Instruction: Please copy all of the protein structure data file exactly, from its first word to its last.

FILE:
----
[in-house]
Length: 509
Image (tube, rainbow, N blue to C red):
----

[in-house]
Length: 509
Image (tube, rainbow, N blue to C red):